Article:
Yet sailing is a male-dominated sport and Hannah believes she’s still a woman in a man’s world. ‘Not only do you have to be good – you have to be better. Being able to keep up is not enough. If you’re at the same level as a man you are still seen as not as good.’

Mary-Ann Craig’s Clipper Round the World Race blog

A sailor’s workout

To be strong enough to sail alone Hannah focuses on her upper body, especially her back, with upright rows and flyes. She does lots of light reps rather than lifting heavy weights.

Her training is also about injury prevention. ‘You need to be fit enough to survive in pretty harsh conditions with very little sleep or food.’

Sea snacking

At sea, you burn 3000-5000 calories a day, while surviving on mainly freeze-dried food – what Hannah calls a posh Pot Noodle. ‘Leading up to a race I just try to put on weight so that when I’m at sea I can still function.’

While sailing is a great form of exercise, it’s also an extremely sociable sport. ‘I guarantee every time you go sailing you will meet a new bunch of likeminded people.

‘Cowes, on the Isle of Wight, is the biggest sailing regatta in the world. Nearly 1,000 boats take part. On average each boat has six or seven people and the biggest boats have nearly 20. That’s a lot of people to meet and hang out with.’

Hannah dreams of sailing around the world, but right now she’s swapped her boat for a bicycle and earlier this month cycled almost 100 miles across North Wales in the Etape Cymru.

Find out what Hannah’s up to via her website or follow her on twitter @hannahwhiteuk

Fancy giving sailing a try? Check the RYA website for courses

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City lands global robotic sailing event

Robot sailboats are coming to Gloucester.

Next, summer Sailbot, an international competition for autonomous and radio controlled sailboats, will run in Gloucester Harbor.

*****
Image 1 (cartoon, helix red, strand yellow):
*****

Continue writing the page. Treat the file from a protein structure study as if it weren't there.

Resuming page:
The event, hosted by the Franklin W. Olin College of Engineering in Needham, is already on the schedule, will run next June 9-13 — and could bring teams from around 15 colleges, said Dr. Andrew Bennett, a professor of mechanical engineering who specializes in robotics and systems at Olin.

The Sailbot races are primarily an undergraduate project, through teams from high schools can take part as well. The races, he said, get students interested and provide some hands-on experience in naval architecture, Bennett said. They also help advance modern naval architecture as well, he added.

Autonomous sailboats aren’t like other autonomous vessels, Bennett said.

“You have to deal with the elements,” he said, “how do you get a robot to sail?”

Bennett gave a presentation to city, Olin and Endicott College officials last week at Cruiseport Gloucester, and he brought along the roughly five-foot long black and green Blackbody Radiation — the robotic sailboat with which Olin placed second in the 2012 Sailbot races off Vancouver, British Colombia.

Those sailboats, each about six feet long, won’t be the first unmanned boats in Gloucester Harbor. John Hays Hammond, the inventor who built Hammond Castle, piloted remote-controlled ghost ships in the harbor around 100 years ago.

Olin’s connections with Ocean Alliance, who owns and is renovating the old Tarr and Wonson Paint Factory on Rocky Neck, brought the race to Gloucester. Alliance CEO Iain Kerr said Olin’s working on several robotics projects for the research non-profit.

“These types of programs are what we need to bring to Gloucester,” Kerr said.

Steven Fletcher may be contacted at 1-978-283-7000 x3455, or Follow him on Twitter at @stevengdt.